Elizabeth Holmes – the subject of an HBO documentarybook, movie, podcasts, TV series, thick media coverage and commentary about her clothes and voice– continues to fascinate so many, I included.

Her recent court appearance, as she faces charges of fraud and conspiracy including lying to doctors and patients, resulted in the delay of her trial concerning her company, Theranos. She faces up to 20 years in prison if convicted.

But as a nurse, drawing blood and interpreting lab results for over 10 years, I have wondered how such a ridiculous idea based on blood testing could grow into a company valued at $9 billion, for several basic reasons.

I disagree with Holmes’ founding assertion that a fear of blood draws leads to people refusing to get much needed tests in diagnosing life-threatening conditions. Although needle phobia is real, most patients fear the result most– not the test. Many of my patients say, “I would rather not know,” when it comes to stating a reason for fearing testing for diabetes or kidney function. A different blood test that requires less blood will not eliminate that barrier. Nor would a different type of blood test address needle phobia.

Recently many quality interventions for blood draws have become available. A vein finder makes it easier to find veins to prevent more than one poke. Buffered lidocaine injected using pressure numbs the skin and works so well that children can sleep through their blood draws. And if you ask any diabetic who has to check blood glucose at least twice a day, likely the person will remark that a finger poke is one of the most painful and dreaded things they experience. Getting a drop of blood from the tip of a finger full of nerve endings is much more painful than a venous blood draw in the bend of the elbow or even an injection of insulin.

Holmes claims her uncle was the inspiration behind Theranos, but it appears he died from metastases from skin cancer, which is diagnosed via a skin biopsy, not a blood test. Her origin story is based on easily disproven falsehoods.

Many have theorized how Holmes’ ludicrous idea was given so much credence by so many.

One answer is the Abilene Paradox. That is when a group is in agreement, but then acts contrarily to their best interests. It is a phrase created in 1974 by Jerry B. Harvey, now Professor Emeritus of Management at The George Washington University, in an article attempting to explain “group think.”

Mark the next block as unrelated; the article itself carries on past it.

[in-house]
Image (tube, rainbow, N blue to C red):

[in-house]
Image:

Harvey named this phenomenon after an anecdote of a family proposing a 50-mile trip to Abilene, Texas for dinner. No one really wanted to go, they all went, they had an awful time and they each said it was a good trip.

Just like the members of this family, many of us may have been in meetings where an idea is proposed which is clearly unfeasible. You might agree with everyone else, often thinking, “They must know something I don’t.” In school and professional trainings, we are taught it is not optimal to be the naysayer in the group. We need to support each other’s ideas.

As I learned in improvisation classes, this rule is called, “Yes, and…” You agree with the premise of the scene and add to it. Improvisers are taught the opposite is called “blocking” where you deny your teammate’s suggestion. For Holmes, the Abilene Paradox seems to have been at work since was a student at Stanford University.

In the podcast “The Dropout,” Holmes, 19, brings her idea for a “patch” to her professor, Phyllis Gardner. Dr. Gardner tells Holmes her idea is based upon flawed logic, but Holmes finds another professor, Channing Robertson, who supports her. From there, she dupes various venture capitalists, including the DeVos family, General James Mattis, members of the Walton Family, Rubert Murdoch and more. To be sure, many found her claims dubious and did not invest. Yet, many went along with her idea.

Hiring the best and brightest in the tech world, Holmes was hoping to insulate them from outside skepticism, and perhaps continue to validate the Abilene Paradox. Some noted that there was a fear of speaking up in this company culture. Still, many people continued to attempt to find a way to make Theranos’s claims truthful, even though it was clear the task was hopeless. The fear of speaking up, fear of confrontation, created the opportunity for members of the team to act in collusion with each other, even though there was a universal agreement in the fruitlessness of the project.

Unfortunately, the aftermath of Theranos is not as simple as avoiding group embarrassment in a meeting, nor is it as harmless as saying you enjoyed a family road trip to Abilene when you didn’t.

The tragedy here is that Holmes took employees, investors, doctors, patients, and believers in her idea for a ride. And they suffered more than getting car sick.

Terry Gallagher is an assistant professor and family nurse practitioner at Rush University College of Nursing, a fellow of the Duke-Johnson & Johnson Nurse Leadership Program, and a Rush Public Voices Fellow through The OpEd Project. Follow her on Twitter @AprnTerry

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